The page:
Dec 28, 2014

rummoli ... from my brain to yours

Okay, this is a pattern, of sorts, but I'm not super-specific with measurements, so it's more like a suggestion. It is enough info to get you started, and is a photographic diarization of the steps I took to make a quilted rummoli board for family members who love to play. Merry Christmas, family!

I looked at pictures of rummoli boards online and saw that there were 8 sections (triangles, really, with their points in a smaller, centre octagon). Half of 360 degrees is 180 (for 4 sections) and half of that is 90. So, I thought, after joining 2 sections, I'd have a 90 degree corner to square up on. Excellent. Also, I figured, each section had to be 45 degrees. That worked well.

Leaving that math aside for a minute, I wandered around the fabric store and found some cheap seasonal things like hearts and clovers that would do for two of the suits. I found some blue/green shapes that could pass for spades, and red diamonds.

I wanted a wee sashing in between each section to separate them, so I used a black-and-white checker pattern. I also wanted the smaller octagon in the centre to be a different colour since it is used as the pot, separately from the other sections. I also decided to use the checker fabric for backing and binding.

I needed one different fabric for the 7-8-9 section, and another different one for the poker section. Since the reds formed a nice cross, I decided to make the poker spot red. I stuck with green for the 7-8-9 section.

On with the cutting then:

1. For the centre, I started by cutting 45 degree triangles that are not a right triangle, and which would have a 3-inch-wide top after sewing. (I measured the lengths of the sides in order to get the top properly flat.) I have a 45 degree line on my ruler that I lined up as below:

2. I cut one-inch widths of the sashing fabric, keeping in mind that I had a triangle in the go, so it had to be wide enough to be trimmed to match the triangle. They are a bit wider than the 3.5 inches of the top of the triangle.

3. Then I sewed them together.

4. And trimmed them.

5. Now it's time to cut the eight sections. I measured the bottom, keeping in mind where the seam would be, and what width the triangle would be at that point. Then I cut 45 degrees from there.

6. Getting the top and bottom square to the 45-degree angled sides is where you need to measure sides and do the fold-in-half test. Be fussy on this.
I then used my 7-inch tall trapezoidal section as a template for the next one, but a paper pattern would probably have been better from the start.

7. I sewed the trapezoid to the triangle, making sure that it was centred, with a bit of the sashing hanging out beyond the trapezoid on each side so that afterwards, I maintained the straight side, on the 45 degree angle, with just a little trimming.

8. I pressed that bad-boy and trimmed it up. Then I did that 7 more times. I did all my pressing toward the sashing. Since it was a quarter inch on either side and the finished size of the sashing is a half-inch, it tucked nicely. It also caused the sashing to 'pop' a little, which was okay, but not exactly what I wanted. (I later sewed them down.)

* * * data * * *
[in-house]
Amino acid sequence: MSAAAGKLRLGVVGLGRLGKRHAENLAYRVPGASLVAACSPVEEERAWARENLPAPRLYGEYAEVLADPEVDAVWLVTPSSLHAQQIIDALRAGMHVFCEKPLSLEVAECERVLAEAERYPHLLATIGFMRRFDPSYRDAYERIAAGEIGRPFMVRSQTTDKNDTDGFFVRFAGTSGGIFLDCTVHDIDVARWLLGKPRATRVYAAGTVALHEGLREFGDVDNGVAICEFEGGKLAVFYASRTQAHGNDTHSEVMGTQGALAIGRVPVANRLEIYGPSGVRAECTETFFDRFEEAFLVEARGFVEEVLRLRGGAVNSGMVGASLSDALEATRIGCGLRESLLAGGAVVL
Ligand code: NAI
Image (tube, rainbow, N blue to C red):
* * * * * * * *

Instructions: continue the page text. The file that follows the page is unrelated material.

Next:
9. It's time to pay attention, as if you weren't before. The sections go in a particular order, so I was careful not to join them incorrectly. I used a one-inch piece for this sashing as well, so that it would all be consistent and small. It isn't sewn in the photo below, so it looks bigger.

10. With 2 joined, I squared up to 90 degrees, but left the tops for now. We will square those up later.

11. After a half was together, I squared it to a straight edge on the bottom (180).

12. Almost there! Let's see how the 2 halves line up together. The reds make a nice cross and the two spade fabrics are across from each other. Nice.

 13. Let's get the long single piece of sashing on with no pulling or weirdness.

14. Then we line up the other half on the sashing and sew it so that the centres line up.

15. Now we can trim up the top of each section. I measured the length of each side of each section and used a washable marker to mark the spot. Then I cut across. When cutting, I made sure to have a centre peak in the sashing. That's the true centre between two sections.

16. It needs a border because I got some iron-on letters to indicate what each section is for. 'Poker' was going to be my longest word, so I started the border on the not-red sections. I cut these 2 inches longer than the top of the section. Then I pressed them back. (The letters are 2 inches tall, so I'm doing a 2.5 inch border.)

17. The red sections needed to be longer than the first borders because they had to cover all of the already-sewn borders.


18. Then I trimmed them up.

19. I ironed on the letters and numbers for each section so I could do it with just the one thickness of fabric.

20. Top done! I laid down the backing fabric, the batting, and then pinned the top on top. It's time to quilt. I did some free-motion dollar signs in the middle, went around some hearts, did a free-motion path through the clovers and the spades, and did a bigger diamond over the smaller ones. I did plain grid lines in the poker section and random meandering in the 7-8-9 section. I started it all with quilting down the middle of every inch of sashing. That was good for stabilizing.

21. With the quilting done, it's just the binding left. I sewed it on the front and then pressed it. After that, I got on the couch with a good netflix show and hand-stitched the binding to the back.

And here it is, all done, about 24" across, with each section about as tall as the centre is wide.

Thanks for reading!